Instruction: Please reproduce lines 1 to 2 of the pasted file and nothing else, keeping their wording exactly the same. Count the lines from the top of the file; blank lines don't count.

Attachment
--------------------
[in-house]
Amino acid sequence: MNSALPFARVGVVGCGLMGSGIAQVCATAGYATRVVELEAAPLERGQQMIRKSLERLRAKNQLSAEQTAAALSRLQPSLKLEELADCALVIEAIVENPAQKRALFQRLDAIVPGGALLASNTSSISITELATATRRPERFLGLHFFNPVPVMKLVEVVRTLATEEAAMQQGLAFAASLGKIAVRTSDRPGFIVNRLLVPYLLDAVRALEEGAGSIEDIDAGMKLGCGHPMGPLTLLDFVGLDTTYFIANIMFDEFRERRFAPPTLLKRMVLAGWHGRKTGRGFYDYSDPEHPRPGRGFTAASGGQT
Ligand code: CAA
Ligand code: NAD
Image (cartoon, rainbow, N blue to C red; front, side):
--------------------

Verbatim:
[in-house]
Amino acid sequence: MNSALPFARVGVVGCGLMGSGIAQVCATAGYATRVVELEAAPLERGQQMIRKSLERLRAKNQLSAEQTAAALSRLQPSLKLEELADCALVIEAIVENPAQKRALFQRLDAIVPGGALLASNTSSISITELATATRRPERFLGLHFFNPVPVMKLVEVVRTLATEEAAMQQGLAFAASLGKIAVRTSDRPGFIVNRLLVPYLLDAVRALEEGAGSIEDIDAGMKLGCGHPMGPLTLLDFVGLDTTYFIANIMFDEFRERRFAPPTLLKRMVLAGWHGRKTGRGFYDYSDPEHPRPGRGFTAASGGQT